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Israel confiscates ancient Muslim cemetery in Jerusalem

Israeli Nature Authority personnel – backed by Israeli police – surrounded the historical Muslim cemetery with barbed wire
East Jerusalem’s historical Bab al-Rahmeh cemetery lies east of the al-Aqsa Mosque and dates back more than 1,400 years (AA)

JERUSALEM- Israeli authorities on Wednesday seized parts of occupied East Jerusalem’s historical Bab al-Rahmeh cemetery east of the al-Aqsa Mosque, according to a Palestinian official.

“Forces of the so-called ‘Israeli Nature Authority’ – backed by large numbers of Israeli police – on Wednesday morning forced their way in and set up barbed wire around large areas of the Muslim cemetery,” Mustafa Abu Zahra, head of the committee for the preservation of Islamic cemeteries in Jerusalem, told Anadolu Agency.

By means of such violations, he added, the Israeli authorities sought to transform the cemetery into a “national park” for Israeli Jews.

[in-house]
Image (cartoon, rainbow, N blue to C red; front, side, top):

Bab al-Rahmeh is a Muslim cemetery that dates back more than 1,400 years. It is considered one of occupied East Jerusalem’s most important historical Islamic properties.

Other Muslim graveyards have suffered similar developments, including Mamilla cemetery in West Jersusalem, which is believed to have been established in the 7th century and contained remains from figures of the early Islamic period. Some say that the companions of the Prophet Muhammed are buried there.

Preserved as a historic site by the Supreme Muslim Council in 1927, the cemetery containing more than 1,500 graves was slowly developed by the Israeli government and now contains a hotel, a school, a parking lot, a public garden, a nightclub and the US consulate. The Israeli Museum of Tolerance is also set to open in on the grounds of the cemetery in 2017.

Israeli newspaper Haaretz reported that at least 1,500 tombs were removed by bulldozers and the human remains thrown away.

Tensions have mounted around the area of the Bab al-Rahmeh cemetery and al-Aqsa Mosque in recent weeks, with Israeli police preventing Muslim women, children and men under 40 from entering the mosque before 11:30 am.

For Muslims, al-Aqsa represents the world's third holiest site. Jews, for their part, refer to the area as the "Temple Mount," claiming it was the site of two Jewish temples in ancient times.